Spirit makes points (21) with crowd at Arena

November 02, 1992|By Rich Scherr | Rich Scherr,Contributing Writer

The score was reminiscent of football. The style of play resembled air hockey. The feeling at the Baltimore Arena last night was like a blast from the past.

For the 3,493 fans who watched the Baltimore Spirit open the city's latest chapter in professional indoor soccer, a 21-7 win over Harrisburg was more than a lopsided National Professional Soccer League exhibition game.

"This is a really special day for us," said Spirit coach Kenny Cooper. "It kind of reminds me of the excitement we felt in this city when we came here in 1980. You hold your breath and hope and pray they'll accept what they see, and by the looks of things, they did."

There are larger goals, two- and three-point shots and rules meant to keep the action moving.

The non-stop, end-to-end play proved the rules worked. The Spirit took 48 shots to Harrisburg's 21 and scored its first three-point goal on Rusty Troy's long-range shot 8:28 into the fourth quarter.

Midfielders Goran Hunjak and Joe Koziol led the Spirit offense, each scoring three times and accounting for 12 points between them. Hunjak, a four-year member of the Major Soccer League's Wichita Wings, said he preferred the new league's offensive style of play.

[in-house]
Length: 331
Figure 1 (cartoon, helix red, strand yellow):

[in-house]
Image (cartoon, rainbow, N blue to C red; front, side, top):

"It's more exciting to play this game," said Hunjak, who had two

two-point goals. "It's very wide open. A team always has a chance to come back."

With a quick start, however, the Spirit made that task nearly impossible.

It took a 5-0 lead after the first quarter on two-point goals from Hunjak and Doug Neely and a one-point power-play goal from Koziol. By late in the first half, the Spirit led 14-2.

The team will open its season Friday night in Milwaukee.

For one player, however, the higher scoring system has its drawbacks.

"It's such a crazy league," said Spirit goalie Cris Vaccaro, who played the first three quarters before giving way to rookie Brian Hartlove. "You can't even think about goals-against average. The bottom line is just winning."

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